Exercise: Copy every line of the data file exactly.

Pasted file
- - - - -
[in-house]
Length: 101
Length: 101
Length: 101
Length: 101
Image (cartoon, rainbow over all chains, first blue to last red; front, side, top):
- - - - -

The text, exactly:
[in-house]
Length: 101
Length: 101
Length: 101
Length: 101
Image (cartoon, rainbow over all chains, first blue to last red; front, side, top):